A good deal issaidahnutextendingto the
Black the Right of Suffrage. We do not
propose lure tV go into that question ;. but
what we would urge with ail our heart
and mini and strength is, that by just;
treatment we will uot say one word about
generosity by fair play, such as every
dweller upon tl.is God's earth is entitled
io, thu B.ack may have a chance so to el
evate himself, so txcultivate his reason and
jadoeineut, so to make himself useful, in
tiependeut and respected, that nobudy will
think any more of refusing him a voU
than of di-nymg htm air, light, bread and
water. That is Poiut the Fifth. ' ' '
We must meet this question; and all '
attempls at dodging it will prove disas
trous. Wre should think this nation had
already lad enough of dodging to sicken
of that, unprofitable game for a century.
We pride ourselves upon our intelligence,
and especially ou that whica is applicable
puoiic affairs ; and we are complacent
not only over our kuowiogness, but also .
our integrity and justice. If the B acks ;
bv soma uracic process Could all bo
bleached to-day, and rise to morrow with
fair cheeks "aud straight hairj. nobody
would admit that any difficult problem
(xisttd at all. All our politicians would
doff their hats, shake hands wiih their dis.
colored colored friends, and perhaps ask
theia to take something to diiak. We aw
sorry to say that there are too many white
meu who can neither read nor write, who
are stupid, ignorant, knavish, vicious and
violent, and vote every election day some)
them, in fact, vote twice, and some of
them thiee times. Society recognizes thia
a great evil, aol is laboring with might
and main to educate this class into some
thing brighter and better but nobody
prop ses to take away from it the Right
Suffrage. We run the risk, for the
sake of the great fuodameuttl principles of
he Constitution. We are very brave when
White men are concerned, and quite the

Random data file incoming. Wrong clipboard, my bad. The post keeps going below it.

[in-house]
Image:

contrary when the Black steps in. We
have got to unlearn this wicked fright
That is point the Sixth.
Governments are established to secure
the happiness of all. This, at least, is
irue theoretically tf our Government.
Now, people talk about fanaticism, pseudo
philanthropy, maudlin sentiment, treeJom
shrieking, aud all the rest ; but nobody
ta'ks tf altering the Declaration of Inde
pendence of declaring that all men are
not born free and equal, of setting up here
monarchy, with an ornamental nobiiity,
and a loner class doomed to perpetual
seiflom. All we ask is filclity to the
principles of the Constitution, nut in our
mouths merely, but in our hearts and
ds. Let us have one thing or soother,
and not a botch potch of aristocracy, dem
ocracy, Slavery, republL-auism, and God
knows what besida. If our frogs wsnt
g, let thetu sav so 1 This is a free
country ; so let them speak out ! It was
tha savit g of cue thiug and doing cf an
other wb ch we l nigh ruined us. Let us
have CJclity to tha political creed of the
nation. That is Point the Seventh.
Viziteixi w: s a " sport " of the first
water, wrarin? Wellington outside boots,
red nicktiis, and. jocky coats; he
was stout, and parted his hair in the mid
dle. Tbeie was no literary society, so, to
peak, in the capital. Everybody read
novels for their plots, and pems for their
jingle. Blue s'oekiugs were unknown,
and Shakspeare, had he lived here, would
have Bterved to death Cor 4V.. J".